Medway NHS Foundation Trust was the first hospital in England to recognise the needs of staff whose babies are born premature. Signing up to The Smallest Things ‘Employer with Heart’ charter, the trust now offers extended paid parental leave for staff whose babies are born premature and the news has prompted other hospitals to make similar changes.
As Founder of The Smallest Things I welcomed the news; visiting a fragile baby on a neonatal intensive care unit for weeks, sometimes months, is terrifying and shouldn’t be counted as maternity or paternity leave.
But I also know first hand the difference it would have made to my family if my own NHS employer had granted extended leave following the premature birth of my son seven years ago.
It was a Friday morning when my waters broke with little warning. I was just 30 weeks pregnant, months away for my due date. I was getting ready to leave for work, but in a moment everything had changed. I’d not started antenatal classes, a birth plan was still weeks away and a date for starting maternity hadn’t even been set. I quickly sent my boss a text message to say I was off to the hospital and would speak soon. I hadn’t quite appreciated that “speak soon” would mean informing my HR department of the sudden and early arrival of my baby and that my maternity leave would begin the very next day.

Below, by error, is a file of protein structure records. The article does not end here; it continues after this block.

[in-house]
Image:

Nothing was ready. I wasn’t ready. Within a few hours my first son had been born and taken away to the neonatal intensive care unit. “He’s doing well” a nurse told me, but I couldn’t help notice the mechanical way his tiny chest rose and fell as his life support machine pushed oxygen into his lungs. He was covered in lines and attached to machines and monitors. I waited 6 long days to be able to hold him for the first time, but even then the wires and tubes obscured his face and although I was desperate to hold him close I was terrified of hurting him as the monitors began to beep and alarm.
Those sounds stayed with me long after we left neonatal intensive care and in that I am not alone. The Smallest Things ‘After Neonatal Care’ 2017 Report highlighted the extent of mental health difficulties faced by parents of premature babies with a staggering 44% experiencing flashbacks to their time in neonatal intensive care; and yet this time, visiting a baby in neonatal intensive care is classed as maternity leave.
By granting extended paid parental leave employers are giving staff the time they need to recover from the trauma of neonatal intensive care. They are giving premature babies the time they need to grow and develop, reducing the risk of future hospital admissions and giving precious time for mother and baby, finally home, to bond. The benefits to staff and employer are clear and I am looking forward to seeing more and more NHS Trusts and employers signing up to The Smallest Things ‘Employer with Heart’ charter.
For more information about The Smallest Things ‘Employer with Heart’ Charter – see here or contact The Smallest Things directly at firstname.lastname@example.org
Over 236, 000 people have signed the change.org petition calling upon the UK Government to extend leave for all families affected by premature birth – have you?